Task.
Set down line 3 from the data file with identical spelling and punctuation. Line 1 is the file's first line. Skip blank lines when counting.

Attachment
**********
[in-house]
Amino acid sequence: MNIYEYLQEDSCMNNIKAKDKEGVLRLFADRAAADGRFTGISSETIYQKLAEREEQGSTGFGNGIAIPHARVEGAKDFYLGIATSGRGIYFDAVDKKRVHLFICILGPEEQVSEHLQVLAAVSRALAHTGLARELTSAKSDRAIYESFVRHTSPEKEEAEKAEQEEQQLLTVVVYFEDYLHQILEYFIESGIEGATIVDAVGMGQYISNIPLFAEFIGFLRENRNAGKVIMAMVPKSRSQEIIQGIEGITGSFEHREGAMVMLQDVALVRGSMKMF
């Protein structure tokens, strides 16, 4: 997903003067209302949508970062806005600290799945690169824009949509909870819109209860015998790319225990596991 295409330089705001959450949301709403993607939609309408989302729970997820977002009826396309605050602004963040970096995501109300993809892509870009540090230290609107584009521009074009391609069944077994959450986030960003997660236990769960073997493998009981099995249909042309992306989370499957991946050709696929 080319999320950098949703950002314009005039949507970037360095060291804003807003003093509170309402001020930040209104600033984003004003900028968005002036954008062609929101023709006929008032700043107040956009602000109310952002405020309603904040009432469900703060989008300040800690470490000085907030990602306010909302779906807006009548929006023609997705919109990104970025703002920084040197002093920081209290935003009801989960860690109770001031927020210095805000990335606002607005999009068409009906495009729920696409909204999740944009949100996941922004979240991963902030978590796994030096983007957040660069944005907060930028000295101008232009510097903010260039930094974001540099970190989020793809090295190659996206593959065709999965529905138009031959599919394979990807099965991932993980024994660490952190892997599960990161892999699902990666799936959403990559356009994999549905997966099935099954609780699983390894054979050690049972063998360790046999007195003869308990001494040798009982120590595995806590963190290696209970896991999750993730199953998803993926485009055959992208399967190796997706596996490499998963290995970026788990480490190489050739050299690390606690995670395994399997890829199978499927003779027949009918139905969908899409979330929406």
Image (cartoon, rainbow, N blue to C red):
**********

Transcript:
């Protein structure tokens, strides 16, 4: 997903003067209302949508970062806005600290799945690169824009949509909870819109209860015998790319225990596991 295409330089705001959450949301709403993607939609309408989302729970997820977002009826396309605050602004963040970096995501109300993809892509870009540090230290609107584009521009074009391609069944077994959450986030960003997660236990769960073997493998009981099995249909042309992306989370499957991946050709696929 080319999320950098949703950002314009005039949507970037360095060291804003807003003093509170309402001020930040209104600033984003004003900028968005002036954008062609929101023709006929008032700043107040956009602000109310952002405020309603904040009432469900703060989008300040800690470490000085907030990602306010909302779906807006009548929006023609997705919109990104970025703002920084040197002093920081209290935003009801989960860690109770001031927020210095805000990335606002607005999009068409009906495009729920696409909204999740944009949100996941922004979240991963902030978590796994030096983007957040660069944005907060930028000295101008232009510097903010260039930094974001540099970190989020793809090295190659996206593959065709999965529905138009031959599919394979990807099965991932993980024994660490952190892997599960990161892999699902990666799936959403990559356009994999549905997966099935099954609780699983390894054979050690049972063998360790046999007195003869308990001494040798009982120590595995806590963190290696209970896991999750993730199953998803993926485009055959992208399967190796997706596996490499998963290995970026788990480490190489050739050299690390606690995670395994399997890829199978499927003779027949009918139905969908899409979330929406």